with internet access. In the no so far future many transactions like
paying most bills will only be done over the internet. Those who refuse
to have internet access from either a computer or cell phone will queue
up for hours (bitul Torah?)  to pay manually.

Once the phone/computer has internet access it is difficult to control
and say it can only be used for essential activities and not for web

kol tuv,
Eli Turkel


From: Brian Wiener <brian_wiener222@...>
Date: Sun, 2 Jan 2005 22:39:56 -0800 (PST)
Subject: Cochini Jews

Cocchini Jews have been in India for somewhere between 1000-1500 years.
Their adhesion to STRICT jewish/halachic tradition has never been
questioned. You can refer to the famous Notaciones (Spelling>? I am
writing from memory) of R Moses de Paiva in the late 18thC, in which he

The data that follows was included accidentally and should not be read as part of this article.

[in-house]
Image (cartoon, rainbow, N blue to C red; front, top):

came prepare with a list of questions from the Chachamim of Amsterdam,
to 'check out' the 'Jewishness' of the Cochinis. They were absolutely

The Cochini community is totally unique- a completely self-contained
community, producing over many centuries the most wonderful scholarly
works in Hebrew. Just look, for example, at the many piyyutim and
prayers that were written there.


From: Bernard Raab <beraab@...>
Date: Sun, 02 Jan 2005 22:15:54 -0500
Subject: Coming late to shul -- A Curious Anecdote

>From: Gershon Dubin: 

>In the Syrian Jewish community in Brooklyn, many/most people would not
>even think of showing up to a wedding or other simcha before about 3-4
>hours after it's called for.  This is apparently so well rooted that
>when Ashkenazim are invited as well, often people print different (i.e.,
>much later) times for them so they don't waste hours waiting for the
>simcha to start.

Are the invitations marked with some secret symbol (say like a circle-A
for Ashkenaz) so you can be sure you received the right one? Do you have